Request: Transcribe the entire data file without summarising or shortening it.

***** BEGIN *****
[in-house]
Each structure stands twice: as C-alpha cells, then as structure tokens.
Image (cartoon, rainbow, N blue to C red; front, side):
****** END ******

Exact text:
[in-house]
Each structure stands twice: as C-alpha cells, then as structure tokens.
Image (cartoon, rainbow, N blue to C red; front, side):